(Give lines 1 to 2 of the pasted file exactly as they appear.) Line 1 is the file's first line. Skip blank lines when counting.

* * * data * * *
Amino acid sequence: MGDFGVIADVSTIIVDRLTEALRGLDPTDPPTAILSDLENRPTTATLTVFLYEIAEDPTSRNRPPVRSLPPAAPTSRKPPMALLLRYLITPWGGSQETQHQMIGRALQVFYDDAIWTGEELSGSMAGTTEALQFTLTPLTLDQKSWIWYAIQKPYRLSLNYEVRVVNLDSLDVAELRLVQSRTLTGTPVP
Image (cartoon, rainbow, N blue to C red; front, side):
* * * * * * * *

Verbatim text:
Amino acid sequence: MGDFGVIADVSTIIVDRLTEALRGLDPTDPPTAILSDLENRPTTATLTVFLYEIAEDPTSRNRPPVRSLPPAAPTSRKPPMALLLRYLITPWGGSQETQHQMIGRALQVFYDDAIWTGEELSGSMAGTTEALQFTLTPLTLDQKSWIWYAIQKPYRLSLNYEVRVVNLDSLDVAELRLVQSRTLTGTPVP
Image (cartoon, rainbow, N blue to C red; front, side):